SO WHO ARE THE FASCISTS?
Stirrer editor Adrian Goldberg reflects on efforts by Unite Against Fascism to blockade Television Centre on Thursday in an attempt to prevent BNP leader Nick Griffin appearing on Question Time.
My surname is Goldberg. Do I need to explain any further how I feel about racist parties like the BNP who advocate repatriation of minority groups and the subjugation of non-whites?
In case I do, let me make it clear – I abhor any political organisation which organises on racial lines and seeks to burn bridges between communities rather than build them.
I’ve grown up in Birmingham, a city which has long celebrated its multicultural heritage, and where members of different ethnic groups generally rub along well, to the benefit of all its citizens. My kids, for what it's worth, are mixed race.
Nick Griffin won’t be on my Christmas list – nor I, on his.
What’s more, I applaud the work of dedicated anti-fascists like Searchlight in exposing the Nazi connections and beliefs of those who drape themselves in the union flag and pose as patriots.
So why do I shudder when Unite Against Fascism announce they don't merely want to protest outside Television Centre next week, but rather say they'll attempt a human blockade to prevent Holocaust denier Nick Griffin appearing on Question Time?
It's simple. The actions of denying free speech to the leader of a legally constituted political party with two MEPs and numerous local councillors strikes me as being fascist in its own right.
We already have laws banning incitement to racial and religious hatred. If BNP members breach those, they should feel the full weight of the law.
Nor should party members ever be given airtime by clueless journalists who fail to challenge them robustly.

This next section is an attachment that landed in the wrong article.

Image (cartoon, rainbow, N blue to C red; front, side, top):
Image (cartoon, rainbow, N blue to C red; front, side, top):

But just as attempting to gag the IRA backfired on Mrs Thatcher, so efforts to deny the BNP "the oxygen of publicity" are likely to have the opposite effect than that intended.
Far from silencing the party, it will nourish their persecution complex, and make them look like martyrs - especially to disaffected white working class voters who already feel disenfranchised by the existing political system. They will grow stronger, not weaker, as a result.
The UAF’s desire to ban the BNP from the airwaves, incidentally, was repeated by a spokeswoman on my Talksport show last night, but by far the most telling call came from Helen in Eastbourne, one of Nick Griffin’s most fervent followers.
Questioned about why she supported the party, she immediately started talking about the need for “silverbacks, alpha males and gorillas” to protect the “Angles” in a parliament which would deny equal rights for British people of African, Asian or mixed European heritage.
A self-confessed BNP activist, she was a comedy turn - albeit a sick and slightly sinister one.
We don’t need the UAF to protect us from hearing what the likes of Helen, or indeed Nick Griffin has to say; they are their own worst advert.
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